Ruth, I was getting ready to say the same thing. When I was younger, we won a class action law suit for that. The attorney represented us for a percentage. It was a small amount of money, but each state has a per day penalty for withholding wages. It took two years to settle. We got $6000.00 each (5 of us) after the attorney was paid.

jewelsq Posted 7 Jan 2011 , 4:24pm
post #13 of 19

Thank you for your comments and advice.
And I appreciate the advice about not docking pay (I was ready to dock immediately and fire next time.).

I will have to take the hard stance. As heartbreaking as it would be, I really do have to draw a line and stick to it.

Again, thank you!! I'll let you know how it turns out. (End of next week is when I see them again.)

jewelsq Posted 17 Jan 2011 , 1:35pm
post #14 of 19

Just an update: I wrote up a warning explaining the dangers surrounding this issue (fire safety and the destruction of my family, home, business being the chief concern) and had everyone sign it. I gave them a copy. They were deferential and it seems like they understood my seriousness.

They empowered themselves by posting neon signs that say, "Turn off oven" and posted the signs in several conspicuous places.

I am optimistic that this was a good outcome. Thanks again!

loriemoms Posted 17 Jan 2011 , 2:58pm
post #15 of 19

I agree completely, post a closing list. I have a list in the front of what has to be done before you leave for the day, a list in the decorating area (I got tired of throwing away buckets of fondant because nobody would put the lids back on!) and a list in the baking area (my biggest problem was they would leave the walk in light on, the hood fan on, and the water dripping...nothing as serious as leaving the oven on, but it still cost money!)

I tell them that everyone is responsible for the list and that results of not dong it will just be you loosing your job. Pretty simple.

good luck! And yes, i know you want to be friends with them, but you are the boss!!!

sillywabbitz Posted 17 Jan 2011 , 3:18pm
post #16 of 19

My sister use to do this in the house we shared. Then I hung up a big sign on the back door 'is the oven off?'. Never happened again. I'm glad they took your discussion seriously and took it upon themselves to post the signs. Sometimes it's just those little reminders that make all the difference.

loriemoms Posted 17 Jan 2011 , 7:38pm
post #17 of 19

A little off subject, but a friend of mine used to worry if she left the iron plugged in and the curling iron plugged in and things like that when she went on trips. her DH got smart and put them all in the trunk of the car to make sure she could see for herself that they were unplugged. haha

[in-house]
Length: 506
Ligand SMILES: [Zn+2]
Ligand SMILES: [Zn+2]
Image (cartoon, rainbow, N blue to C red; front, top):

Tclanton Posted 17 Jan 2011 , 8:23pm
post #18 of 19

You might could also post a "closing" list and have someone assigned nightly to go over this list(and sign off on it), therefore making them responsible in case something goes wrong. Not sure if this would fit into a routine for you as I do not know your particular profile.

I think I have OCD most days. Every morning before I leave for work (as the truck idles in the driveway) - I do a walk through within my home. Lights off, ceiling fans off, flat irons unplugged, main door locked, tv and cable box off, stove top and oven off, all check - out the door I go. And the bad thing is if I opps and forget - I will turn around (most days) and go back to check. Sounds extreme, but I do know a couple people that are worse than me!!!

Much luck to you and I hope that you do not have this issue again in the future.

cakenovice2010 Posted 17 Jan 2011 , 11:28pm
post #19 of 19

Wow I would be furious as well. I agree with the firing if it happens again and letting employees know that will be the result no matter what.

Although it would suck to let them go, having your livelihood burn to the ground without insurance coverage would suck more. I lost my home to a fire when I was a young single Mum, I rented and it was just a fluke wiring issue. We did not have insurance and if it had not have been for the amazing firemen who carried out the majority of our belongings we would have lost absolutely everything. The insurance company was a nightmare for the owner to deal with and it took her two years to get the money and build her house back again. And this wasn't anyones fault even. I can't imagine the ramifications of insurance when it's caused by an employee error.

Don't feel bad about scolding them or let them make you feel like you are over reacting, I think what Debi stated is the perfect wording to get the point across!